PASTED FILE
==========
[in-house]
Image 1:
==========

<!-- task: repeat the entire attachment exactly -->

[in-house]
Image 1: